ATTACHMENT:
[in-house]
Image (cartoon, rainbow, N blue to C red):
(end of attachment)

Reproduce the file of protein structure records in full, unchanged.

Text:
[in-house]
Image (cartoon, rainbow, N blue to C red):